The Small Business Commissioner

25 Sep 2011 |

Owners of small businesses can often feel alone with no one to support them. This was the case in Victoria until 2003 when a Small Business Commissioner was appointed. The good news for small business owners in the rest of Australia is that other states are now considering creating the same position.

The roles and duties of the Victorian Small Business Commissioner predominantly flowed from the need to protect small business tenants from unfair practices of large corporate landlords. The primary responsibilities of the Small Business Commissioner are:

  • to facilitate and encourage the fair treatment of small businesses in their commercial dealings with other businesses in the marketplace;
  • to promote informed decision-making by small businesses in order to minimise disputes with other businesses;
  • to receive and investigate complaints by small businesses regarding unfair market practices and mediate between the parties involved in the complaint;
  • to make representations to an appropriate person or body on behalf of a small business that has made a complaint; and
  • to encourage the development and implementation of small business service charters within government to ensure small businesses receive high quality service;

Of the responsibilities stated above the most valuable is the alternative method of settling disputes. Most small business owner that have either initiated or been dragged into legal proceedings will realize that ultimately the only winners are the lawyers.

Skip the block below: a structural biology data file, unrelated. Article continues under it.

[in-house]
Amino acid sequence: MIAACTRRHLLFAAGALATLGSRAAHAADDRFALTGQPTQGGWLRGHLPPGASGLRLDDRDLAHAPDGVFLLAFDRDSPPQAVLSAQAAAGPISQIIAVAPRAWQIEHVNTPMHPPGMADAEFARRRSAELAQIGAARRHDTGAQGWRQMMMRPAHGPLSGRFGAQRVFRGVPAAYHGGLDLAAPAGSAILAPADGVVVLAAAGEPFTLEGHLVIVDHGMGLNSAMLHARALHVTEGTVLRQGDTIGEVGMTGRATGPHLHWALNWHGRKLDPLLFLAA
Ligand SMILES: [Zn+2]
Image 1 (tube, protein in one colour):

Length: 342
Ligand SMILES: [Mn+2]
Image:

It is also a legal fact of life that when a small business has a dispute with a big business, the chances of getting justice are extremely small. Unfortunately under our adversarial legal system the people and organisations with the most money often are the only ones to receive the most justice.

This service is also of major benefit to small business owners on the receiving end of unfair business practices by large corporations, and where the policies of Government departments disadvantage the small business. In these circumstances, and where there is a business-to-business dispute, an application can be made to the small business commissioner to have the dispute mediated.

When a dispute is referred to VSBC the following steps are taken:

  • the Small Business Commissioner writes to the Chief Executive Officer or Managing Director of the offending business, organisation or agency enclosing a copy of the complaint,
  • the Commissioner’s letter makes preliminary inquiries in respect of the application in order to resolve the matter,
  • the inquiries are made to seek the comments and assistance from the business or organisation the complaint was made against,
  • these are done in a cooperative and consultative way to assist consideration of what further action the VSBC may take, including the mediation of the complaint,
  • when the VSBC receives comments from the respondent  these are forwarded to the applicant for consideration,
  • depending on the applicant’s response to these preliminary inquiries, the VSBC may arrange mediation between the parties or investigate the matter further.

If the business or organisation the complaint has been made against refuses to enter into mediation, or if after mediation refuses to follow a course of remedial action that came from the mediation, the matter can be referred to the responsible minister. In this case the small business Commissioner can have the recalcitrant business or organisation named in Parliament, which can result in their reputation being damaged.

The original Commissioner for small business in Victoria recently moved to another position and there is an acting commissioner at the present. Small business owners in other states should contact their local member to keep up the pressure to have a small business commissioner of their own.


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